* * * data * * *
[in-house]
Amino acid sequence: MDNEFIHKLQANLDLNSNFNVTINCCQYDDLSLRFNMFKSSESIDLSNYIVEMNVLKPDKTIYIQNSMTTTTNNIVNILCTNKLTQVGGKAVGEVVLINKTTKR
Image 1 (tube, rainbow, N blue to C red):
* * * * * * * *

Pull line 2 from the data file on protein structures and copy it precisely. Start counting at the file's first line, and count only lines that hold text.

Amino acid sequence: MDNEFIHKLQANLDLNSNFNVTINCCQYDDLSLRFNMFKSSESIDLSNYIVEMNVLKPDKTIYIQNSMTTTTNNIVNILCTNKLTQVGGKAVGEVVLINKTTKR